Join Early Retirement Today
Closed Thread
 
Thread Tools Search this Thread Display Modes
Old 03-13-2017, 03:49 PM   #121
gone traveling
 
Join Date: Mar 2017
Posts: 19
Quote:
Originally Posted by MichaelB View Post
Bruce Bartlett (tax policy expert, worked in Reagan and Bush 1 administrations) did a comparison of total taxes plus health care costs for OECD countries. You can find it here https://economix.blogs.nytimes.com/2...x-burden/?_r=0



You can see from this chart that, based on his work, the US and Canada pay about the same % of GDP for total taxes plus health care, and the US is very close to the OECD average.
Michael,

This is what our Scandinavian neighbour tells us as well. But she also adds that for that taxes they get higher pensions, excelent healthcare for *everybody* and free college education for their kids.

She is a visiting University Professor.
TreeHugger is offline  
Join the #1 Early Retirement and Financial Independence Forum Today - It's Totally Free!

Are you planning to be financially independent as early as possible so you can live life on your own terms? Discuss successful investing strategies, asset allocation models, tax strategies and other related topics in our online forum community. Our members range from young folks just starting their journey to financial independence, military retirees and even multimillionaires. No matter where you fit in you'll find that Early-Retirement.org is a great community to join. Best of all it's totally FREE!

You are currently viewing our boards as a guest so you have limited access to our community. Please take the time to register and you will gain a lot of great new features including; the ability to participate in discussions, network with our members, see fewer ads, upload photographs, create a retirement blog, send private messages and so much, much more!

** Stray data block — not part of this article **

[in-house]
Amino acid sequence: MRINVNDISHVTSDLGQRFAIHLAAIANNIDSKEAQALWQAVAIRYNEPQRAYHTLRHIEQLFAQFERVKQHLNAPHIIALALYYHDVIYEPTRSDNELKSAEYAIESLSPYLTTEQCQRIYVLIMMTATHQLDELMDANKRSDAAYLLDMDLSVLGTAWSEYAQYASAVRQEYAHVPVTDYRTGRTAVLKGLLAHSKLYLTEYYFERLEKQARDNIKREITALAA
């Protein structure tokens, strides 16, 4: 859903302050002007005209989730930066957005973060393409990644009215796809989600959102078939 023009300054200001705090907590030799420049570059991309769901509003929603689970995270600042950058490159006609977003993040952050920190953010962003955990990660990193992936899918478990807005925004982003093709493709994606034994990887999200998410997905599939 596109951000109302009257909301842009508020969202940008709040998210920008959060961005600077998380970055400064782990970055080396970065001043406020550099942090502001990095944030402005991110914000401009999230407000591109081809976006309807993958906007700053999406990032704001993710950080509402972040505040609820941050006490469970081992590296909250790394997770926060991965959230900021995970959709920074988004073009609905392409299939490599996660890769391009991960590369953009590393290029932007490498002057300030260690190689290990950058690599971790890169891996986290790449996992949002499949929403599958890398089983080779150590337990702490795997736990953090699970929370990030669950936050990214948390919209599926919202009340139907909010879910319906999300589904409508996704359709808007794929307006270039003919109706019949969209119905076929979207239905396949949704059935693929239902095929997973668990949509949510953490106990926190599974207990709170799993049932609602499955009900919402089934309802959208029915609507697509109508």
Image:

Old 03-13-2017, 04:00 PM   #122
Administrator
MichaelB's Avatar
 
Join Date: Jan 2008
Location: Chicagoland again!
Posts: 35,213
Scandinavian countries clearly have much higher total rates of tax plus health care - in the range of 10% - 15% of GDP, so it's not a valid comparison.
MichaelB is online now  
Old 03-13-2017, 04:03 PM   #123
Thinks s/he gets paid by the post
exnavynuke's Avatar
 
Join Date: Sep 2016
Location: Acworth
Posts: 1,197
Quote:
Originally Posted by TreeHugger View Post
Michael,

This is what our Scandinavian neighbour tells us as well. But she also adds that for that taxes they get higher pensions, excelent healthcare for *everybody* and free college education for their kids.

She is a visiting University Professor.
Yeah, we often forget about the other things those higher taxes fund (like cheaper education), as healthcare is the primary topic that relative tax rates seem to be brought up in. IIRC, Canada's cost to go to college is quite a bit lower than what it is in the U.S.

Yeah, I think this is a bit cheaper-
Quote:
Canada

Education costs: $5,974

Median income: $26,623

Affordability: 22.44%

Highest ranked university: University of Toronto (19)

Number of universities in the top 100: 5
vs

Quote:
USA

Education costs: $13,856*

Median income: $26,990

Affordability: 51.34%

Highest ranked university: California Institute of Technology (1)

Number of universities in the top 100: 51
From 2012 Here's What College Education Costs Students Around The World - Business Insider
exnavynuke is offline  
Old 03-13-2017, 04:09 PM   #124
gone traveling
 
Join Date: Mar 2017
Posts: 19
Quote:
Originally Posted by MichaelB View Post
Scandinavian countries clearly have much higher total rates of tax plus health care - in the range of 10% - 15% of GDP, so it's not a valid comparison.
Swedish to be specific. Not if you add in Property taxes on 1200000 house that she owns. In Sweden property taxes are negligible compared to US.

I have no reason to believe that she lies
TreeHugger is offline  
Old 03-13-2017, 04:09 PM   #125
Thinks s/he gets paid by the post
Fedup's Avatar
 
Join Date: Mar 2014
Location: Southern Cal
Posts: 4,032
Are you serious about comparing Universty of Toronto to Caltech. There is only one Caltech and it should be compared to private university like MIT, not public University. Perhaps Berkeley is a better comparison.
Fedup is offline  
Old 03-13-2017, 04:13 PM   #126
Thinks s/he gets paid by the post
exnavynuke's Avatar
 
Join Date: Sep 2016
Location: Acworth
Posts: 1,197
Quote:
Originally Posted by Fedup View Post
Are you serious about comparing Universty of Toronto to Caltech. There is only one Caltech and it should be compared to private university like MIT, not public University. Perhaps Berkeley is a better comparison.